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Palestinian candidate's house attacked over EU appeal

The postponement of the Palestinian elections continues to inspire threats and violence, including against the candidates themselves.

RAMALLAH, West Bank — The implications of President Mahmoud Abbas’ decision to postpone the Palestinian elections are still surfacing in the Palestinian territories. On May 1, unknown armed men shot and threw grenades at the house of electoral candidate Nizar Bannat. The attack came a few hours after the Freedom and Dignity electoral list, which Bannat formed, sent a message to the European Union demanding it halt funding for the Palestinian Authority and its security apparatus.

In its May 1 letter to the EU, the list voiced its intention to appeal to the European Court of Human Rights to “call for halting financial support to the PA and launching an inquiry into the squandered money of European taxpayers.” It said that it will proceed with this step unless the PA sets a clear timeline for the legislative elections in the coming months.

Bannat is among key political activists who oppose the PA and Fatah and has been the target of several attacks and arrests.

Bannat has been in hiding since his house was attacked on May 2. He told Al-Monitor, “I received calls from private numbers threatening me. My house was besieged for an hour until I arrived. Shots were fired on the house with my children inside. If this isn’t a murder threat, then I don’t know what is.”

Bannat explained, “On May 1, my lawyer notified me that I have been summoned to the prosecutor’s office, and I agreed to come. But I was surprised when I got a call from my wife after less than half an hour, in which she told me that some people had besieged the house and were trying to question my eldest daughter about my whereabouts. Then, they fired shots and threw a stun grenade and a gas bomb of the same type used by the Palestinian police on the house.” He accused Fatah members in Dura town of being behind the attack.

Bannat said that PA figures have incited against him on social media and he has been labeled an apostate in both the religious and the nationalist senses. He added that the decision to postpone the elections heralds a new stage of abuse and attacks. He argued that Fatah is free to attack whoever it wants, as only it is authorized by the PA to carry arms.

The attack on Bannat’s house was condemned by several parties. The EU delegation to the Palestinians tweeted, “Followed with concern last night’s attack on activist Nizar Bannat’s house. Violence against politicians and human rights defenders is unacceptable. The PA has to ensure respect for the freedom of expression and protection of human rights activists.”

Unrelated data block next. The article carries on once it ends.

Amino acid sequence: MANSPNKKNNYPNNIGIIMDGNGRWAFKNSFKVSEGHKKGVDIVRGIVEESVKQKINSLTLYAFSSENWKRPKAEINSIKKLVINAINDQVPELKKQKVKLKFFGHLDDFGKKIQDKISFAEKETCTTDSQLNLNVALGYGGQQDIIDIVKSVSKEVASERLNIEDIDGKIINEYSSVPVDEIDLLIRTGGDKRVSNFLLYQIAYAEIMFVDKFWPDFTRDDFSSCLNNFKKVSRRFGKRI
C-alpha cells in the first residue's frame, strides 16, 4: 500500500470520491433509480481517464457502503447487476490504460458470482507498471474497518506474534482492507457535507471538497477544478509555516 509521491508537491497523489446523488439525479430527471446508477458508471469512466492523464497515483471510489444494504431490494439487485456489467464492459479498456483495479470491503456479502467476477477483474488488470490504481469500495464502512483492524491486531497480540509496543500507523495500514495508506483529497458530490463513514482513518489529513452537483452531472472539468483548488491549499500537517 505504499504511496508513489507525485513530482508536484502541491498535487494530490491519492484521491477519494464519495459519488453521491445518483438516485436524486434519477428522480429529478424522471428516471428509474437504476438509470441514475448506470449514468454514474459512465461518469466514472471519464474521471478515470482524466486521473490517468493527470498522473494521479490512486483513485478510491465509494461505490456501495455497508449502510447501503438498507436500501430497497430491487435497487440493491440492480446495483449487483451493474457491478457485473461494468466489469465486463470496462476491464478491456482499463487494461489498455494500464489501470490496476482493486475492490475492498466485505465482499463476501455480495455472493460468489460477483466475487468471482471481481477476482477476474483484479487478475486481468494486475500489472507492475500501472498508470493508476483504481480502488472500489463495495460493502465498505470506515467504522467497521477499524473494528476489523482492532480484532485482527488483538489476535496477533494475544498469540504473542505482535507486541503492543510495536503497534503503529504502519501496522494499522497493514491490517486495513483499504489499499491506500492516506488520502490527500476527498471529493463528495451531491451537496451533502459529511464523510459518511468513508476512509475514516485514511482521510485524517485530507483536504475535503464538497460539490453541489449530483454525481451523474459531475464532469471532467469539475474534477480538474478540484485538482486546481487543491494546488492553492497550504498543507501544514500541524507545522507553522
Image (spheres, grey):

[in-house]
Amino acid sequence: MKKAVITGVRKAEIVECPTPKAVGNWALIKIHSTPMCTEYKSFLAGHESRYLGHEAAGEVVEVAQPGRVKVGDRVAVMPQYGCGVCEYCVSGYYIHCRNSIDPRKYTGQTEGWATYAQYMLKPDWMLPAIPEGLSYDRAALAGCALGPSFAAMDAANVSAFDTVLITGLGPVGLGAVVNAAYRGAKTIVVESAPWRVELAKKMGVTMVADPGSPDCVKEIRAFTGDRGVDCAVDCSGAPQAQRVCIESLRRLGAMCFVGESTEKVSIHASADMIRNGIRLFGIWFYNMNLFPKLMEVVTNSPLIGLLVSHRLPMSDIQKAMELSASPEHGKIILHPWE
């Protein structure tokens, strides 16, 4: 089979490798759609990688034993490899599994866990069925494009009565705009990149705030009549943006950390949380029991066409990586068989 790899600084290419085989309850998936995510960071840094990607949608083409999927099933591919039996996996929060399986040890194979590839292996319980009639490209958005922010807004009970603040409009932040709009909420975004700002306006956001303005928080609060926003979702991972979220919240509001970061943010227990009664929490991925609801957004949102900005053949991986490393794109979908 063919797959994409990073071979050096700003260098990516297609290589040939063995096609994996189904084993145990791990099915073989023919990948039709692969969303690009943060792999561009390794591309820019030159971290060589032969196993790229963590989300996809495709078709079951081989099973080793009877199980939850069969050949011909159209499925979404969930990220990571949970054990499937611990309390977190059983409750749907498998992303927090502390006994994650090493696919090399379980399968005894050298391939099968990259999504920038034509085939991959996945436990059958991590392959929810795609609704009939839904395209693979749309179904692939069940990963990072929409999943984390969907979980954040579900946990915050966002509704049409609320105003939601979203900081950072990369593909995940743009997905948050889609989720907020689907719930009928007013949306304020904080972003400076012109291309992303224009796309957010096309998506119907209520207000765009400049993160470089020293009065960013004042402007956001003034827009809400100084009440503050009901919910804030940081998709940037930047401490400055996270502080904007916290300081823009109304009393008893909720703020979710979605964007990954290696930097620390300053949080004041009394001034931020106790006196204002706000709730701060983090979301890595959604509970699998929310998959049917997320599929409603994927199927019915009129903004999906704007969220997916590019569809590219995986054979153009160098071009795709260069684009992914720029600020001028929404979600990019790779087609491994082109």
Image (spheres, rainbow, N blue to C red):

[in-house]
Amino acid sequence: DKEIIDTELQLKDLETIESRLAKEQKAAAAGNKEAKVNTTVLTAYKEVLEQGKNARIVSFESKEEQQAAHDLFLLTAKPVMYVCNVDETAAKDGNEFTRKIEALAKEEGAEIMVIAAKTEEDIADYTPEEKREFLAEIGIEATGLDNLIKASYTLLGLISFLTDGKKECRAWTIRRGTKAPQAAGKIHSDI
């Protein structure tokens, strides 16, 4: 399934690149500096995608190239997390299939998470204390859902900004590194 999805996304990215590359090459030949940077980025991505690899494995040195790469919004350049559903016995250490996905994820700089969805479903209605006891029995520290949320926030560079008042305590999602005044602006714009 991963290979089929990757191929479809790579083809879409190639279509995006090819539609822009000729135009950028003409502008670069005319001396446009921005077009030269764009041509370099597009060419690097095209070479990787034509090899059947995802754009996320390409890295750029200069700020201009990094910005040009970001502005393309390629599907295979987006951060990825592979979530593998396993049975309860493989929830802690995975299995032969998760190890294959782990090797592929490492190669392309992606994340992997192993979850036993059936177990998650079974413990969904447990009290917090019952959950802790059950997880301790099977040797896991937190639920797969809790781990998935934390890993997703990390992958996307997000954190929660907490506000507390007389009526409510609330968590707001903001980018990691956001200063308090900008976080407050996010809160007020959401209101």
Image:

Parliamentary lists and blocs condemned the attack, while the Independent Commission for Human Rights (ICHR) expressed concern in a May 2 statement, calling for an urgent inquiry from the police into the shooting at his house. 

Islam al-Tamimi, director of the Training, Awareness and Advocacy Department at the ICHR, told Al-Monitor, “The committee followed up with the competent authorities in the police and the public prosecution on the attack on Bannat’s house. The matter is still under inquiry," he said. 

Tamimi stressed the need to provide protection to all candidates on the lists, carry out a serious investigation and take action to protect citizens, candidates and their families in a way that ensures freedom of speech and expression.

Demonstrations condemning and rejecting the postponement continue. On May 4, activists staged a silent solidarity march in the center of Ramallah. In chained hands they carried banners criticizing the move and expressing solidarity with the residents of the Sheikh Jarrah neighborhood, where Palestinian families are facing eviction from their homes. On May 3, out of the 36 electoral lists that had been running in the election, 22 have agreed to coordinate on steps to push the electoral process forward.

Even before the elections were postponed, candidates faced attacks and threats such as the shooting incident on the house of Hatem Chahine in Hebron and the attack on the vehicle of Khaled Dweikat in Ramallah.

Writer and political analyst Jihad Harb told Al-Monitor that the Palestinian street is angry not only because of the elections but also because of the lack of vision and hope. He said that the postponement of the elections exacerbated internal tensions as the PA works to form a national unity government in which many factions, including Hamas, refuse to participate.

Harb added, “Despite reservations about the statements and stance of Bannat and his list, which asked a foreign party to intervene in a Palestinian affair, the attack on him is unacceptable.” He noted, “The use of violence to silence voices is a dangerous matter that may inflame violence on the Palestinian street.”

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